Heritage Auctions through its Heritage Appraisal Services estimated the auction value at $190,865 at the time the coins were examined, less than 27 percent of the amount paid by Pereida.  Montgomery then was retained by Dr. Malvino to assess the grade and value of the coins, and he concluded the reasonable retail value of the coins at the time they were purchased by Pereida was $150,964, about 20 percent of what Pereida paid.

Montgomery also requested Professional Coin Grading Service to do an independent appraisal of the grades, and, according to the Judge’s ruling, “PCGS’s findings were consistent with those of Montgomery.”

Heritage, Montgomery and PCGS identified one coin as a counterfeit, a 1914-D Indian $2.50 graded by PCI as MS64.

They also identified 25 other coins that could not be graded because they were either cleaned or damaged.  These included a 1907 Saint-Gaudens Roman Numerals High Relief Double Eagle graded by PCI as MS65 and sold for $19,500.  Heritage estimated the auction value at $6,000, Montgomery valued the coin at retail as $4,500 and both Heritage and Montgomery agreed with PCGS that the coin had been cleaned.

An 1892-CC Liberty Double Eagle, sold by PCA to Pereida for $12,500 and graded by PCI as MS62, was valued by Heritage at $2,600 and only AU, valued by Montgomery at $700 because it was damaged and given also given no grade by PCGS because of an noticeable scratch on the coin.

During the trial in November 2014, Montgomery showed the judge coins graded by PCI as Mint State, that were in his opinion, only About Uncirculated.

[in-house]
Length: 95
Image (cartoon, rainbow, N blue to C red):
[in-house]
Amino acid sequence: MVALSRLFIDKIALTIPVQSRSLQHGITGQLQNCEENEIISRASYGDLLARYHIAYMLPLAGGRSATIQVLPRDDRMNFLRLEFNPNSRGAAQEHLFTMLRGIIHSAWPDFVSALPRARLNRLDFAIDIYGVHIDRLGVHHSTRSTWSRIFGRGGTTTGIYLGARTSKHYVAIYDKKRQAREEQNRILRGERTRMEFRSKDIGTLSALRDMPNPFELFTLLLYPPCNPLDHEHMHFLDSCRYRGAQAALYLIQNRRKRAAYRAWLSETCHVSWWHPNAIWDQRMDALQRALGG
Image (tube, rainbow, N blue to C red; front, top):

“She quickly understood the concept of grades and its relationship to coin values.  I told her: ‘Your Honor, now you’re a coin grader,’” recalled Montgomery.

“When you’re buying or selling coins, there’s an important lesson for the public to remember.  If you don’t know rare coins, you’d better know your rare coin dealer.  Members of the Professional Numismatists Guild must adhere to a strict Code of Ethics in the buying and selling of numismatic merchandise.  The dealer who sold coins to Ms. Pereida was not a PNG member,” said Montgomery who served as PNG President from 2009 – 2011.

Dr. Malvino was represented by attorney R. Lyn Stevens of Stevens Baldo Freeman & Lighty in Beaumont, Texas (www.sbf-law.com and www.CoinFraud.com).

The case is Albert Malvino v. PCA Collectibles, Inc., Civil Action No. 2:12-CV-401, in the U.S. District Court of Southern District of Texas Corpus Christi Division.

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Fake Silver Coins: 11 Ways to Spot Counterfeits

July 23, 2014 in Coin Validators, Coins, Collecting, Counterfeit, Education, Fake Coins, Numismatica, Numismatics, Precious Metals, Silver, Silver Coins, Silver Dollars, Silver Eagles

By: Dave Martinez. July 2014 (http://www.silvercoins.com)

It is unfortunate that articles like this have to be written, but where there is money trading hands, there will always be fakes, frauds, and counterfeits.

If you have purchased some silver and can’t get rid of that little voice in your head that keeps saying what if they are fake silver coins …

Below are 11 ways on how to spot fake silver eagles, bars, and bullion. We’ve ranked them from the least to the most effective methods in detecting counterfeits. (Most of these tests can also be applied to gold as well).

 1. Magnetic Test

While many fakes can easily pass this test, silver as well as gold bullion for that matter are both non-magnetic. If a bullion coin or bar sticks to a magnet you can easily throw this one out. Fakes that are produced with any iron or steel content in them will give off some magnetic attraction and identify itself as a fake. Metals that have a core of zinc, copper, lead or other non-magnetic metal will not be detected by this test.